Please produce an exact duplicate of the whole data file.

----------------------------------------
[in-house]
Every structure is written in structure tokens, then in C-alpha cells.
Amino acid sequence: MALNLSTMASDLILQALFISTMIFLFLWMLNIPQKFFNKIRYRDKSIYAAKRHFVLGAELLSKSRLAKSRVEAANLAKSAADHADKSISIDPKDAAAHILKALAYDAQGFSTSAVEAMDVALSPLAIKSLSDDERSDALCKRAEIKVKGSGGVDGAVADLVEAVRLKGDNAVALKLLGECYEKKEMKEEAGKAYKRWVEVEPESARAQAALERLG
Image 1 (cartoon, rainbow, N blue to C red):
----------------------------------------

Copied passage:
[in-house]
Every structure is written in structure tokens, then in C-alpha cells.
Amino acid sequence: MALNLSTMASDLILQALFISTMIFLFLWMLNIPQKFFNKIRYRDKSIYAAKRHFVLGAELLSKSRLAKSRVEAANLAKSAADHADKSISIDPKDAAAHILKALAYDAQGFSTSAVEAMDVALSPLAIKSLSDDERSDALCKRAEIKVKGSGGVDGAVADLVEAVRLKGDNAVALKLLGECYEKKEMKEEAGKAYKRWVEVEPESARAQAALERLG
Image 1 (cartoon, rainbow, N blue to C red):